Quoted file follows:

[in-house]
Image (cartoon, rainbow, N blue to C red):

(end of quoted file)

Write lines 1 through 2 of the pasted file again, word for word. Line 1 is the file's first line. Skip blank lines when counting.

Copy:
[in-house]
Image (cartoon, rainbow, N blue to C red):